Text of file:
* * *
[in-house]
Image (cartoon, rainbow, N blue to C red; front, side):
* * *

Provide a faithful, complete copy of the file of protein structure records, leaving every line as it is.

[in-house]
Image (cartoon, rainbow, N blue to C red; front, side):